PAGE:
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Basic Investing Mistakes to Avoid with Retirement Saving

The idea of investing may seem intimidating for beginners. However, the reality is that retirement investing doesn't need to be overly complex. According to Patrick Geddes, an experienced investment professional and author, the most challenging aspect of retirement investing is overcoming emotional impulses. Successful retirement investors demonstrate prudence by removing emotions from the investment process, often opting for a steady and perhaps seemingly unexciting strategy, and steadfastly adhering to it.

Not Maxing Out Your Employer Match

If you are lucky enough to work for a company that offers 401(k) matching, it’s a huge mistake to not take full advantage of your employer’s generosity. A similar retirement plan called a 403(b) is offered to full-time employees at nonprofit organizations, public schools, and government jobs. There are several advantages to participating in a 401(k) or 403(b). The first is that your contributions to the retirement plan are “pre-tax.” That means that the amount of money you choose to invest each pay period is subtracted from your taxable earnings. So not only are you investing, but you’re lowering your tax burden in the process.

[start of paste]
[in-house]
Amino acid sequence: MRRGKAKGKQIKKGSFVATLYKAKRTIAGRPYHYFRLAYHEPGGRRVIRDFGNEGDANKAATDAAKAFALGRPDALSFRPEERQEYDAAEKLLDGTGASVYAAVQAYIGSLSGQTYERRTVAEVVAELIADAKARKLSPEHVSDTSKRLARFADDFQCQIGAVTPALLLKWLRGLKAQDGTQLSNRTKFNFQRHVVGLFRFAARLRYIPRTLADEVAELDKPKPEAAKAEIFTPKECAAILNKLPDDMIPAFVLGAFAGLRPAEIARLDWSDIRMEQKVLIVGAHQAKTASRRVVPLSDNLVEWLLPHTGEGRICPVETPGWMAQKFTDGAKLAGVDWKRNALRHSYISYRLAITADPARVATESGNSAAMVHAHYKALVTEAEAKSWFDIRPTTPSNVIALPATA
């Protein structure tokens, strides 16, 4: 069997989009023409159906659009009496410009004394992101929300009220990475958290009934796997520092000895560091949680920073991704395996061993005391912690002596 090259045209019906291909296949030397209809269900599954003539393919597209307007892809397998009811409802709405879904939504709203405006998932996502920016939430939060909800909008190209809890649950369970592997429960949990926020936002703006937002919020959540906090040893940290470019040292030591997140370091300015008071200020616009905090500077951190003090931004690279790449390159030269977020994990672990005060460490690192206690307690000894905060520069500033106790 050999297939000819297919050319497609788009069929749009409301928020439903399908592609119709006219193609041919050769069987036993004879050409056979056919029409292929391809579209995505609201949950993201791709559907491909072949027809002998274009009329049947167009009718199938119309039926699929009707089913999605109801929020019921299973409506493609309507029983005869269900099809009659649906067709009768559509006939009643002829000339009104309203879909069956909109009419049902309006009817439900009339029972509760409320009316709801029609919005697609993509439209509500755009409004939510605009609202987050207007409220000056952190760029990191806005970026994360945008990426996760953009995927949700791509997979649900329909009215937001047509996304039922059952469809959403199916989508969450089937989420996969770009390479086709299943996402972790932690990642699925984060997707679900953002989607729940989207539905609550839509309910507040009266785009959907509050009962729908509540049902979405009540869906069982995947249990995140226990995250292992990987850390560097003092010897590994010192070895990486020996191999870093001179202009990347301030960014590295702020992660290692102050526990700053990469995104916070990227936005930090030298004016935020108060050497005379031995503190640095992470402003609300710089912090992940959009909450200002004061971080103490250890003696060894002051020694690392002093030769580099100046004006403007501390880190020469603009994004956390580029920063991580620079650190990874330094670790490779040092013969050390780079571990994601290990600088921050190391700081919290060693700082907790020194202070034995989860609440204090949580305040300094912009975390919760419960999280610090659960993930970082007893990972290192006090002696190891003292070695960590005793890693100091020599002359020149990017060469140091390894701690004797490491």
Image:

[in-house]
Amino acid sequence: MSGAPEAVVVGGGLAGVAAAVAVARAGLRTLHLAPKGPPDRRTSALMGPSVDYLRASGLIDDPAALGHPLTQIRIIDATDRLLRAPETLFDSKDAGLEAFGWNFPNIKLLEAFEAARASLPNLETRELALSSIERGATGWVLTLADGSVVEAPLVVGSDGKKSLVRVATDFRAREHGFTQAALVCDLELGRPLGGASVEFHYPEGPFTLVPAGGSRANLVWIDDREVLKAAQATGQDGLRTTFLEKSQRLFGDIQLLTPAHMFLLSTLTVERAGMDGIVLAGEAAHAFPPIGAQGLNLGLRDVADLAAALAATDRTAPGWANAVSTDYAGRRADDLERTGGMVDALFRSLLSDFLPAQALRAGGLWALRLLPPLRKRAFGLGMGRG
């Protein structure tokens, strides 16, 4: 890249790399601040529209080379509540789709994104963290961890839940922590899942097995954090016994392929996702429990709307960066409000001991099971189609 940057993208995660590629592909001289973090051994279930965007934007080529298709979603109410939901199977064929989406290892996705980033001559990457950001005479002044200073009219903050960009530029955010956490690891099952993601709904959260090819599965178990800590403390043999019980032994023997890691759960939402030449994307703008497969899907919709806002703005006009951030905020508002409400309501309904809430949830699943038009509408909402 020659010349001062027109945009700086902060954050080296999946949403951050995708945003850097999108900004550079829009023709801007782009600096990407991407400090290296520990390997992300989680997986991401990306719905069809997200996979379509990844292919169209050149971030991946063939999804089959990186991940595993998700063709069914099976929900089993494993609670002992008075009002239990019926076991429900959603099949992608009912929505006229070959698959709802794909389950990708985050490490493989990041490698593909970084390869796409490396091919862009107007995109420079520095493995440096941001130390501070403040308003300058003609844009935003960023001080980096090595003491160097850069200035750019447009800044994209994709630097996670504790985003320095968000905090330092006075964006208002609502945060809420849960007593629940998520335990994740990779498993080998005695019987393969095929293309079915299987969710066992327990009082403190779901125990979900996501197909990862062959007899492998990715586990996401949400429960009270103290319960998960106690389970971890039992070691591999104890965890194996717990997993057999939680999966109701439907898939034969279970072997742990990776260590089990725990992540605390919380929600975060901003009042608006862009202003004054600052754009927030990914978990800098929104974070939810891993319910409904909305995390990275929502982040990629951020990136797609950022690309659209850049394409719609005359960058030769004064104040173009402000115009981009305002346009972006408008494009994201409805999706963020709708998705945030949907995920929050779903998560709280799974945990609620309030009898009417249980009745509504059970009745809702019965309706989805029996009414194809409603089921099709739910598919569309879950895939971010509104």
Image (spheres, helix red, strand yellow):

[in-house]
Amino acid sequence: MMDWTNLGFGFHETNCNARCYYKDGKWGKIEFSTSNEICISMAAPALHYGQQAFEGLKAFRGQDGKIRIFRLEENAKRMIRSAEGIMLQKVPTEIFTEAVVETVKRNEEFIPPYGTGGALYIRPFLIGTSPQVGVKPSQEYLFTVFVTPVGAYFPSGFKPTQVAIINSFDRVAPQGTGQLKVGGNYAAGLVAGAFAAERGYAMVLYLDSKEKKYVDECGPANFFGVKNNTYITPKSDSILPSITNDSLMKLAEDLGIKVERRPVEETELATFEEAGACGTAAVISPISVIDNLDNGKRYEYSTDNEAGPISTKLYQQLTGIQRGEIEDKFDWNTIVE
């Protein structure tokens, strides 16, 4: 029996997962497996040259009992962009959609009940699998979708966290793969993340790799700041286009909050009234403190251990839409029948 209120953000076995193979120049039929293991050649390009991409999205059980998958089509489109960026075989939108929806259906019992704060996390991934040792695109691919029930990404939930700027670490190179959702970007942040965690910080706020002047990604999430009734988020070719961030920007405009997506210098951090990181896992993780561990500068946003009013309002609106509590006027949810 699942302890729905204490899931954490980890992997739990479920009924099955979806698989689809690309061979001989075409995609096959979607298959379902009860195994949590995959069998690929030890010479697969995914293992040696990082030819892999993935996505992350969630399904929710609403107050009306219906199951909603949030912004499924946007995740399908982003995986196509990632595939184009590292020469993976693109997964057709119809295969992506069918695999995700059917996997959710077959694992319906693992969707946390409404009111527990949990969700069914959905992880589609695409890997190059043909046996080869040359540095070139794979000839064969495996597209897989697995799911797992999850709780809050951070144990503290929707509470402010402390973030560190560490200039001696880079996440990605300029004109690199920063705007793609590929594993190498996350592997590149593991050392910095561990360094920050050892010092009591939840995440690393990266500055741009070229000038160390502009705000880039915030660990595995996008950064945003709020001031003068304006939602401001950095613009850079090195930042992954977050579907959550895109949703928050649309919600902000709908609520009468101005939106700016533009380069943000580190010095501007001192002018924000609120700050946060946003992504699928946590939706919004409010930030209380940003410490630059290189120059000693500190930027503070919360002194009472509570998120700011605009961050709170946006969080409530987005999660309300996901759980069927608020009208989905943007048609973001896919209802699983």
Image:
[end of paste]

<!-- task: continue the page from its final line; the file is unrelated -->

Tweaking Your Investment Strategy

Retirement investing is about playing the long game, say 30 or more years. It’s not about tweaking your investment strategy in response to every short-term stock market surge or crash. The safest place to put your retirement savings is into a 401(k) or another type of set-it-and-forget-it retirement account like an IRA. You are far less likely to make emotion-based decisions if money is automatically coming out of your paycheck (or checking account) each money and being invested in diversified index funds. Free from your meddling, your money will grow.

Not Paying Attention to Fees

If you invest in funds with seemingly “low” fees of just 1 or 2 percent, those fees could add up to tens or hundreds of thousands of dollars in lost retirement savings. Compound interest is a beautiful thing. With enough time, it can grow even modest investments into substantial retirement savings but it also includes fees.

If you’re shopping for your retirement account, perhaps a traditional or Roth IRA, then look for funds with very low fees or even zero fees. If your company’s 401(k) carries higher fees, try to convince your boss to switch to a different plan.

Obsessively Checking Your Retirement Account Balance

The accessibility to check your balance anywhere and anytime is both a bane and a boon. It also allows you to obsess about how much you have in your account every single day. What can cause you to stress over whether it’s going to be enough to help you reach your retirement goals? During those times, your retirement account balance might stall out or even shrink. If you’re checking your account daily, your brain is going to see that negative growth rate and start to panic. However, there’s nothing worse than pulling out of the market when prices are low.

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